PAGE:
We, of whatever persuasion of Christian, we fail to let the reality of this day sink in. There’s the rushing to contemplate these infants in the presence of God singing the hymn of praise “Holy, Holy, Holy” without contemplating the horror of this moment.  The opposite response is to merely focus on the tragedy, which is making use of the tragedy to insist on the relevance of the Gospel and proof text the social gospel as a means to chastise those who seem indifferent to suffering injustice and oppression. We are avoiding what is most troubling: After God’s coming to be with us, God in human flesh, Jesus, escapes the massacre of the innocents, but God does not prevent the massacre.

We need the space of faithful Lament. We need the space to sit with tragedy when we see no action of God in which we are confronted with overwhelming evil and the power of death unleashed, and life squashed. We need a space to lament when Life has no answer. “Rachel refuses to be consoled.” Matthew recalls the words of Jeremiah. Jeremiah was also speaking of his time and the destruction of Jerusalem and Judah. In this story, there is the permission to not be consoled, when there is no comfort to be given.

In the Benedictine Daily Breviary, there’s a contradiction in celebrating this day: on the one hand the hymn appointed doesn’t let us grieve or lament (this is a feast day after all celebrating martyrs), but in the Day Time prayers we are invited to lament; the scriptures appointed for the day are from lamentations.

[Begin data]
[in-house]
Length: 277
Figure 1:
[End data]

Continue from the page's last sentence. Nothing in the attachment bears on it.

I wonder if there’s something to this contradiction. An invitation to in celebration not let ourselves be consoled. We are invited to lament the continued power of death even as God is with us in the word made flesh. The contradiction invites us to remember that this lament and lack of consolation is as much part of the Christmas story as “Peace on Earth, and Good will toward all.”

In a mash-up of Luke and Matthew and John, what we find is that not long after God in human flesh is born, and the angels announce tidings of great joy, and proclaim “Peace on earth and Good will towards all”, this proclamation is contradicted by Herod.  At the moment God moves into our neighborhood in the Word made flesh, Death rears its head and strikes and God is powerless. God with us doesn’t stop Herod from his destructive and death filled evil ways. More troubling is that God with us draws out Herod’s furry and God with us becomes an occasion for Herod’s tyranny as he seeks to stamp out the Word made flesh.

What then does Rachel and her “holy innocents”, her saints, these martyred infants, give witness to? Acknowledging God with us and God at work in the world, is not consolation for suffering oppression and tyranny. God’s solidarity with us isn’t necessarily a comfort. These innocents as martyrs and saints must be among those numbered who in addition to “Holy, Holy, Holy”, sing out “How long…

On this day during the joy of Christmas we join our voice with those dressed in white before the throne singing not only “Holy, Holy, Holy”, but also in lamentation sing “How long, O Lord!”

*Edited for clarity and corrected typos, 12/29/2016

Torn Heavens and Shattered Earth: Advent Vexation

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O that you would tear open the heavens and come down, so that the mountains would quake at your presence–as when fire kindles brushwood and the fire causes water to boil– to make your name known to your adversaries, so that the nations might tremble at your presence!  (Isaiah 64:1, 2)

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This is a longing for God to act as God acted in the Israelite exodus from Egypt. “God why don’t you come down and kick some ass as you did with Pharaoh?” Isaiah asks in lament and frustration. This is an Advent frustration and longing. Desperate that the reign of God would manifest and the nations, the powers, that oppress would be brought to their knees, ending oppression. So that injustice would end and justice would flourish.